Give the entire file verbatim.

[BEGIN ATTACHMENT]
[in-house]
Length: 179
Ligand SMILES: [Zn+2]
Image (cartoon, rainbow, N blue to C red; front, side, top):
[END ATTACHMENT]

[in-house]
Length: 179
Ligand SMILES: [Zn+2]
Image (cartoon, rainbow, N blue to C red; front, side, top):